Below you will find pages that utilize the taxonomy term “peer review”
In a training last week, we discussed the trend of journals’ checking manuscripts with plagiarism software. People shared examples where editors couldn’t accept perfectly good reasons for authors to reuse material unless a certain software score was also reached.
I don’t really understand what the Publons platform is, I’ve always been skeptical of it, and the more journals try to convince me to sign up for it, the less I’m likely to change either of the first two things.
I have some regrets about being a week late on this article review because I took my kid camping—but not a lot, to be honest.
Reviewer 1 has missed the key argument and main throughline of my paper, and even though the editor says I can ignore them, it’s still making me SO MAD.
Frustrated by the way that blinding self-citations (that aren’t explicitly self-citations) can actually work against blind review. When I’m reviewing stuff in my niche area, I can sometimes tell who the authors are based on that alone.
I have finished the article review I was a week behind on, so now I just need to tackle the two-weeks-late and six-weeks-late projects on my plate. After I get the course prep done that I was hoping to do yesterday.
Experiencing the best of being a peer reviewer today. Article is genuinely good, and I really want to see it get published, but I also know specific things that will make it stronger before it gets there.
I know someone who apparently agreed to review three articles the same week as final grading, and boy does he look dumb staring back from the mirror.
I learn a lot of ggplot2 responding to reviewers’ suggestions about plots and a lot of CSS helping students with their questions about Twine games. Turns out I only learn code when I have a project that forces me to.
I turn in a frustrating number of reviews THAT I’VE ALREADY WRITTEN ON TIME a week late because the system’s “please confirm before submitting” page looks an awful lot like a “thanks for submitting, and here’s what you wrote” page.
I am frustrated both by journals who don’t employ copyeditors and by journal copyeditors who introduce errors into my articles. Hard to say which is worse.
This afternoon, a career in academia looks like working from the kitchen table, playing a French 80s radio station, and fuming at Reviewer B’s complaints about my using the journal’s template like I was asked to.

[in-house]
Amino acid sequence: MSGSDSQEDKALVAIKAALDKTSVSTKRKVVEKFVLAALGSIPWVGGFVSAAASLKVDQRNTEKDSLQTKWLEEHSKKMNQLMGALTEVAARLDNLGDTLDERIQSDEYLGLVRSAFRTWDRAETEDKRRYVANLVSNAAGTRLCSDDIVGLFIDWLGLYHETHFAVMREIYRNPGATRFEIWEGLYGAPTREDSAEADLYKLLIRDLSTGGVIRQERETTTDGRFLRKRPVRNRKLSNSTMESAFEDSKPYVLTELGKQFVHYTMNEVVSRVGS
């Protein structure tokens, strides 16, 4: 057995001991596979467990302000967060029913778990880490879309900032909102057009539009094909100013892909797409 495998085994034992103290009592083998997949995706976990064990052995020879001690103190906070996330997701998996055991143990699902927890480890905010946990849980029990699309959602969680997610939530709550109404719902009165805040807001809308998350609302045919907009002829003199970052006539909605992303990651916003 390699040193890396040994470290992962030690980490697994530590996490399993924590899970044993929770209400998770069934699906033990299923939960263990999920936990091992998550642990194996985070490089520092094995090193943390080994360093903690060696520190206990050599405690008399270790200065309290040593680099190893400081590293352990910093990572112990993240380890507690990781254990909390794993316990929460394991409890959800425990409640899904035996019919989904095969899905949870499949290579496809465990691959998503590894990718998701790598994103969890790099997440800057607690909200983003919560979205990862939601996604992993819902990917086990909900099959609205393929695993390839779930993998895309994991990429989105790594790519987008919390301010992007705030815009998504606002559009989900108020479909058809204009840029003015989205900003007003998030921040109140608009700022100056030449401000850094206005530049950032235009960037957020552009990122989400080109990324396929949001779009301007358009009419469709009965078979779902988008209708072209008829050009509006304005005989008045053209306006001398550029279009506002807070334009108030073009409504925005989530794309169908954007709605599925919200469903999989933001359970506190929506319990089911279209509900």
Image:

The hardest manuscripts to review are the ones that promise something that’s legitimately needed in the literature but then fail to follow through with that promise.
Starting to wonder if Solomon’s “wise” suggestion to cut the baby in half was actually his editorial summary of the advice provided by three conflicting reviewers.
Responding to reviewer who has a specific picture in their head of what “good” edtech research “should” look like. Thus, they’re confused by things in my paper that I’m sure aren’t problems—but don’t fit that picture.
Trying to do revisions on an article that isn’t my best work and that I don’t really love is haaaaaaard. I’m committed enough to the core idea to see things through, but I’m also tempted to tell the reviewers that they win and I’m out.
Reviewer 3 doesn’t understand why my study is important. I’m trying to find ways to articulate that better, but all I really want to do is JUST BOLD EVERYTHING I’VE ALREADY WRITTEN TO THAT EFFECT.
I never know whether to be happy or frustrated when I’m able to respond to a reviewer’s objection by resurrecting a paragraph from the manuscript that I’d previously cut to slim things down.
Tfw a seemingly small suggestion from a reviewer actually opens up new insights that you wouldn’t have otherwise noticed. Thanks Reviewer #1!
Currently responding to reviewers of a journal article based on my dissertation. Feels especially difficult to make changes to a manuscript I’ve already had reviewed so many times.